In June this year, New Hampshire District Court Judge, Paul Barbadoro rejected the District of Justice’s 2018 opinion that claimed that the 1961 Wire act covers all forms of gambling (and not just sports betting). The judge ruled that the Wire Act only applies to sports betting, thus reiterating a 2011 opinion by the DOJ.
The DOJ opinion of 2011 opened the doors for states to launch intrastate online lotteries and casino sites. A reversal of that opinion was published in 2018, making states jittery about their online gaming markets and demanding clarity on the matter. The New Hampshire ruling was seen as extremely important, and allowed more states to continue with their plans to launch online products.
The New Hampshire ruling came in response to the New Hampshire Lottery warning that up to a quarter of all its sales would be obliterated if it could not sell its products over the internet. It also showed that Good Cause funds would be badly affected by sharp drops in revenue.
While the DOJ initially said that it would not prosecute states that had launched online lotteries, the New Hampshire judge rejected this response, saying that the department had only introduced this argument after it was challenged (and not when state lotteries asked for legal guidance and clarity).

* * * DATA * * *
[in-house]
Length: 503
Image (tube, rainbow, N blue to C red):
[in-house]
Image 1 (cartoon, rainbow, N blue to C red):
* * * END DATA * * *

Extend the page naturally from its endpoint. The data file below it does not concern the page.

However, the latest news is that the DOJ is preparing a challenge to the New Hampshire ruling in a bid to appeal its findings.
For years, the 1961 Wire Act was interpreted as prohibiting the use of wire communication facilities to make bets across state lines. Over the years, it has ping-ponged through the legal channels to the point it stands today.
The 2018 opinion, which was written by Assistant Attorney General Stephen Engel, admitted that the Wire Act was “not a model of artful drafting.” Nevertheless, it stated that the Act prohibited all types of remote gambling, including sports betting.